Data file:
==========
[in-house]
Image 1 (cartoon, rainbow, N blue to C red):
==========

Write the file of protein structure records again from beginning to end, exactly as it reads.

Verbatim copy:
[in-house]
Image 1 (cartoon, rainbow, N blue to C red):